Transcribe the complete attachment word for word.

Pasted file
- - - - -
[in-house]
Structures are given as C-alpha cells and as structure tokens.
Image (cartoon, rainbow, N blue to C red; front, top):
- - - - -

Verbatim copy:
[in-house]
Structures are given as C-alpha cells and as structure tokens.
Image (cartoon, rainbow, N blue to C red; front, top):